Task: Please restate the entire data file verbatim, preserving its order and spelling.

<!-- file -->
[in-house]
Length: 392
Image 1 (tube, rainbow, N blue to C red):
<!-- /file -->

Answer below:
[in-house]
Length: 392
Image 1 (tube, rainbow, N blue to C red):